How to properly set your diopter to your Canon 310XL Super 8 Camera

How to properly focus your Canon 310XL Super 8 Camera

Properly focusing your Canon 310XL is both an art and science; but even if your technique is correct, your 50+ years old camera may not be up-to par, and that's where other seller's "tested" cameras fail, and professionally serviced cameras shine!

Before you focus you must set your diopter to your eyesight!

Follow these 10 steps to properly set your camera's diopter according to your eyesight, and avoid the frustration of receiving an out of focus film back from the lab.

Though we all would like it if our film comes back developed exactly as we saw it through the viewfinder, the reality is, it takes some additional work to achieve proper focus. The diopter or dioptric system in your camera's viewfinder, must always be adjusted to suit your specific eyesight; so much that if you set the diopter to your eyesight, and pass the camera along to other person, that other person will most likely re-adjust the focusing ring because for them the image appears out of focus. 

On the Canon 310XL the dioptric system is controlled by rotating the eye-cup on the viewfinder; BUT WAIT, don't start rotating it yet.

There are two techniques to properly set your diopter, one is the "infinity" technique (which Canon recommends), and one which we like to call the "set distance" method. We'll go over the infinity technique on a separate post, today let's try the "set distance" technique, which  though more involved, is a bit more accurate.

Canon 310XL out of focus

Set your camera's diopter with the Set Distance Method

Following are all steps that can help you to properly set your diopter on your Canon 310XL Super 8 Camera:

  1. With a marker pen, draw a plus sign symbol "+" on a piece of masking tape and tape it to a bright wall at eye level. The "+" symbol should be  about one inch tall.
  2. Find the film plane indicator (symbol) on your camera, it is a small circle with a line through it on the side of the camera right below the On/OFF switch, the symbol is embossed on the camera so it may be tough to find at first (see image above for reference).
  3. Measure 4 feet from the wall to the film plane symbol on the camera. Use a measuring tape for accuracy, don't skimp on this, accuracy is important here. Make a mark somewhere to maintain the 4 feet mark from the wall visible without having to measure again and again. (or simply set your camera on a tripod)
  4. Rotate the focusing ring until the distance scale is set at 4 feet.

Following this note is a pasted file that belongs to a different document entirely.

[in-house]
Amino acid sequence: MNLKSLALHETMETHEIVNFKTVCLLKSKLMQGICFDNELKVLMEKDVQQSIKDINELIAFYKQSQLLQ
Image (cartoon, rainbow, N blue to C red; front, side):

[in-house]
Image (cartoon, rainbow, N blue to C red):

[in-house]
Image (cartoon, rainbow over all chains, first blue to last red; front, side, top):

5. Fully ZOOM IN into the "+" symbol on the wall.
  6. Look through the viewfinder and rotate the eye-cup, which in turns rotates the diopter control until the "+" symbol is as clear/sharp as possible. Make sure that while you are holding the camera, the film plane symbol remains at 4 feet from the wall.
  7. Re-check that your camera is at 4 feet while the "+" symbol is still sharp.
  8. Your diopter is set now; the camera is set to YOUR eyesight. Make sure not to rotate the eye-cup otherwise you'll have to start again.
  9. Lock the diopter's rotation by adding a piece of tape around it, just make sure this tape may be removed to allow for others to set the camera according to their eyesight. (if you have a Canon 514XL here's where you rotate the locking ring to avoid the eyepiece from rotating).
  10. While shooting: it is very important that you Do NOT focus at the focal length that you will be shooting at, you must ALWAYS fully zoom in, focus, then pull out to whatever focal length you will be shooting at. This may seem to throw your focus out a little bit, but it will be correct! 

 With the "set distance" technique described above, you'll obtain a very accurate diopter setting; however this technique may not be very useful when you are out in the field. In those instances you may choose the "infinity" technique instead which you can find in your camera's instructions manual. 

But what happens if you know that you have properly set your camera's diopter, and your focusing was correct during shooting, and still your film comes back out of focus? in that case, your camera needs a good old CLA maintenance and/or repair. We here at MonsterFlipsUSA provide Super 8 camera repair and maintenance services; simply contact us and we'll help you out.



Leave a comment

Please note, comments must be approved before they are published

This site is protected by reCAPTCHA and the Google Privacy Policy and Terms of Service apply.

You may also like View all